So, astrologers have been throwing in their 2 cents about this election. Did you know that on November 4th (you can decide if it’s a coincidence) Saturn and Uranus moved into opposition, something that happens about every 40 years. What does this mean, you ask? Well…the previous two times Saturn and Uranus opposed each other was 1918-20 and 1964-67, two period that saw big cultural changes.

At the end of World War 1 distinct class privilege began to be eroded, a flu epidemic killed more people than had died in the war, women in the US agitated for the right to vote, Wall Street was bombed, there were massive strikes in major industries like steel, race riots occurred, the Russian revolution had just happened and socialist ideology was spreading. The 1960s saw immense social upheaval: riots, strikes, race struggles in Africa, and a US Presidential assassination. “In the mid-’60s the counterculture emerged as an articulate alternative to the blind pursuit of the American dream and automatic support for the overt hegemony of the military-industrial complex. For the first time in history, young people all over the world voiced their social criticism en masse.”

Currently, we’re seeing sweeping changes to our financial systems and an erosion of the complacent sense of material security we’ve had. We’re also witnessing an environmental crisis on a global scale unseen before. Check out the 'American history' article on Wikipedia.

It's conveniently divided into historical periods. One begins in 1918, at a Saturn-Uranus opposition. Another begins in 1964, at the next Saturn-Uranus opposition. Could 2009 mark another major epochal break? What else might Saturn/Uranus have in store for us? And where does Obama fit in all of this?

Well let’s look closer at Saturn and Uranus…
“Saturn is experience earned the hard way, through a trial-by-fire history of achievements and mistakes, which bestows a real-world wisdom one cannot learn through books or theories or sudden flashes of genius. Uranus is radical freshness, the electrifying pulse of innovation born from the need to try something different, once it appears those with experience have become blinded by the perspectives they've held for years. Saturn signifies tradition, a conservative approach that respects the sanctity of institutions upon which many folks' sense of stability rests. Uranus brings the change and, along with it, increased liberation for those who felt oppressed by such traditions… and what surely seems like anarchistic end-times to those plenty content with how things have always been.”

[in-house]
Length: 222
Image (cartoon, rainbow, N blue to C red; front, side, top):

While typically Saturn is seen as restrictive while Uranus is exciting, this is a big simplification. Uranus can be destructive and cynical, and Saturn can bring calm by being containing, realistic, and stable.

What is remarkable is how Obama seems to naturally balance these opposing forces. Neither Saturn’s strict adherence to order, nor Uranus’ rebelliousness should “be allowed to unilaterally triumph at the expense of the other. Their opposition reveals the obvious pitfalls of both extremes to our immediate consciousness. The touchy challenge here is to balance between a reining-in and tightening-up of government's traditional role (Saturn) and an abrupt, dramatic reinvention of its practices to better support the needs of a changing populace (Uranus).”

If Barack Obama can pull this off this will be the shiniest new dawn of them all.

Thanks to the following sites for illuminating me
All pictures are courtesy of the fabulous

Friday, October 17, 2008

Wonder in Wanderlust